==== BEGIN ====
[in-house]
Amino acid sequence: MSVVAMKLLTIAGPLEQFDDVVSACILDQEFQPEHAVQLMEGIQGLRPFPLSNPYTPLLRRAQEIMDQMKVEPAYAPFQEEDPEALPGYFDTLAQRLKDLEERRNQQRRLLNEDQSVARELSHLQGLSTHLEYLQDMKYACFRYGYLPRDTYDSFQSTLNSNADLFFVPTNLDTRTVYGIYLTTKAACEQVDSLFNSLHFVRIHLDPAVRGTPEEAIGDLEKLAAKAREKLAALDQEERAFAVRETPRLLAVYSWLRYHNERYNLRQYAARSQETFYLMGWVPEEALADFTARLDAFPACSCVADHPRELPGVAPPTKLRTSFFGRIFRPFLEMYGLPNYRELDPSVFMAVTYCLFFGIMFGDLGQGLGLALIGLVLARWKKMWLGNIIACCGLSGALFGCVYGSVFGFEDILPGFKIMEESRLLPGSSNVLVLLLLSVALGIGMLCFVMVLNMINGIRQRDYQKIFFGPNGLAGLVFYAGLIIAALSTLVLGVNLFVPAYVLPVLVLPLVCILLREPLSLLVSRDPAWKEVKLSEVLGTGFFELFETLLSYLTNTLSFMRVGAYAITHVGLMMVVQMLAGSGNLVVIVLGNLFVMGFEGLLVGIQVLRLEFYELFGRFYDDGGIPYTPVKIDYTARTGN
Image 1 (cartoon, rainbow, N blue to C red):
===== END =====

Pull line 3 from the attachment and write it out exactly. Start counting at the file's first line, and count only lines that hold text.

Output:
Image 1 (cartoon, rainbow, N blue to C red):